Justine Greening says Theresa May is ‘handing power to EU’ in Brexit deal

Toby Helm and Michael Savage
Justine Greening says Britain would be left in the ‘worst of all worlds’. Photograph: David Mirzoeff/PA

Theresa May was accused last night by a former cabinet colleague of planning the “biggest giveaway of sovereignty in modern times”, as she faced a potentially devastating pincer movement from Tory remainers and leavers condemning her Brexit plans.

The day after Jo Johnson, the pro-remain brother of former foreign secretary Boris Johnson, resigned from the government and called for a second referendum on Brexit, former education secretary Justine Greening launched an attack on the prime minister, saying her plans would leave the country in the “worst of all worlds”.

Piling yet more pressure on May, Greening – who resigned from the cabinet in January – backed the former transport minister’s call for another public vote and said MPs should reject the prime minister’s deal. Greening told the Observer: “The parliamentary deadlock has been clear for some time. It’s crucial now for parliament to vote down this plan, because it is the biggest giveaway of sovereignty in modern times.

“Instead, the government and parliament must recognise we should give people a final say on Brexit. Only they can break the deadlock and choose from the practical options for Britain’s future now on the table.”

Greening added: “Like many of us, Jo Johnson is a pragmatist on Britain’s relationship with the EU. But Conservative MPs can increasingly see that this sovereignty giveaway from No 10 leaves our country with less say over rules that govern our lives … That is not in the national interest, it’s the worst of all worlds and it resolves nothing.”

Her intervention – just days before May hopes to win agreement for her plans in her deeply divided cabinet – shows how Tories on both sides of the Brexit divide are finding common cause, protesting that her blueprint would leave the UK tied to the EU’s economic systems but with no say over the rules that govern them. As a result, they say that rather than seizing back control from Brussels, it would do the reverse and leave the UK with less power.

A letter to the prime minister, organised by the StandUp4Brexit campaign and circulated among Tory party constituency chairs, seen by the Observer, states that May’s proposals represent a “significant blow to our sovereignty”.

It says that an agreement that would leave Britain “trapped in a customs union with the EU indefinitely”, as current plans could do, would “fly in the face of the referendum result” and risk “delivering a Corbyn government at the next election”.

The letter goes on: “As Conservative chairmen, we therefore call on you … to ensure that the final deal complies with those red lines that you set out in both the 2017 election manifesto and your Lancaster House speech – namely leaving the customs union, the single market and ECJ over-all.”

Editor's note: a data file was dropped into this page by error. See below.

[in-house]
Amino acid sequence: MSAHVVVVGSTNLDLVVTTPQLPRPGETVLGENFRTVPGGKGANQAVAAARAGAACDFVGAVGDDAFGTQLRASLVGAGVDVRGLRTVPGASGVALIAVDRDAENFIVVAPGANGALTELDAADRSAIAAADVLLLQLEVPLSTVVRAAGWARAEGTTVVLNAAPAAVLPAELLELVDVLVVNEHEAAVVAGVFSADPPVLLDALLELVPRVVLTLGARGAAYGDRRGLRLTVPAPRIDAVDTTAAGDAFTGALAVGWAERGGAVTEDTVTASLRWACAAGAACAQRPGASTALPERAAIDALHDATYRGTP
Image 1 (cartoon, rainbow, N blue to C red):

In his resignation statement on Friday, Jo Johnson said the country was “on the brink of the greatest crisis” since the second world war and argued that the Brexit deal on offer wasn’t “anything like what was promised”. He denounced the choice between May’s plans or a no-deal outcome as a “failure of British statecraft on a scale unseen since the Suez crisis” that had left Britain facing “vassalage” or “chaos”.

On Saturday, speaking on BBC Radio 4’s Today programme, he went further, saying another referendum would be the first opportunity for voters to have a say on what Brexit would actually mean, after two years of tortuous negotiations. “My view is that this is so different from what was billed that it would be an absolute travesty if we do not go back to the people and ask them if they actually do want to exit the EU on this extraordinarily hopeless basis,” he said.

Jo Johnson said other ministers who shared his views should also quit. Photograph: Henry Nicholls/Reuters

Asked whether he believed other ministers should quit over the issue, he encouraged them to do so if they shared his views. “I think this is so important that it’s up to MPs to take a stand. I’ve done so, if others feel that it’s right for them to do so, good on them.”

One Tory donor warned last night that May was now heading towards an “explosion” with her own party. “She made incompatible promises to different constituencies,” he said. “An explosion is now the best forecast.”

Campaigners for a second referendum claim that support for another vote is growing. The pro-remain Best for Britain group said that, for the first time, a poll showed a majority of leave voters now backed a second vote. The Populus poll of more than 8,000 people found 52% of those that voted leave now support a final say on the Brexit deal.

Meanwhile, Labour leader Jeremy Corbyn has come under pressure from some of his own MPs for saying that “we can’t stop” Brexit, just two months after he insisted “all options are on the table”, and shadow Brexit secretary Keir Starmer said a second referendum with the option to remain in the EU should be kept open. Many Labour MPs say that if Corbyn were to back a second referendum, there would now be a majority in parliament to hold one.

In an interview with Der Spiegel published on Friday, Corbyn said it was necessary to “recognise the reasons why people voted leave”. Luciana Berger, Mike Gapes, Wes Streeting and Chuka Umunna were among the Labour MPs to criticise the remarks, as a major row brews within the party over whether it should back a second poll if May’s deal were voted down in parliament. Asked on Saturday whether he agreed with Johnson’s call for a second referendum, Corbyn reiterated his opposition: “Not really, no,” he said. “The referendum took place. The issue now has to be how we bring people together.”